Paging Dr. Hackenbush!
While this image might not conger thoughts of quality, high-tech medicine, it might make you smile. And there's the secret. Like-ability. Today's busy and complicated world of medicine has moved away from what most industries call "customer service" and evolved into an impersonal gauntlet of technology and limited human interaction.
Paging Dr. Welby!
Remember him? Marcus Welby, MD. Even in those days, conflicts between a modern perspective and "innovators" was the basis for a very real, and hit show. The plots often concerned a professional conflict between well-meaning physicians. Here, Dr. Welby's unorthodox way of treating patients was pitted against the more strait-laced methods of Dr. Steven Kiley (James Brolin). The catch with this particular program was that the roles were reversed in that Dr. Kiley was much younger than Dr. Welby. In the similar series Medical Center, it is the older doctor who is more orthodox and the younger who is radical. The opening credits of "Welby" for each episode reminded viewers of the generation gap between the two doctors, Welby driving his long sedan and Kiley riding a motorcycle. Welby had served in the US Navy as a doctor during the war, and was a widower. He owned a sail boat and enjoyed the ocean. (Source: Wikipedia)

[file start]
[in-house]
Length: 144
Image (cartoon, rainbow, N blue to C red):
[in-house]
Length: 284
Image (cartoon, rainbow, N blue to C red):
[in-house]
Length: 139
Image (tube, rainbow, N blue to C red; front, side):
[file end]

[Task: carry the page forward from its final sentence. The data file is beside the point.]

Paging Dr. House!
In our fictitious world of physicians, Doctor House very well may be the smartest in the group. But what he has in brain power is often compromised by his "customer service" or perhaps even "patient service". He's the smartest guy in the room...but does he behavior promote that best actions and responses?
The power of a positive experience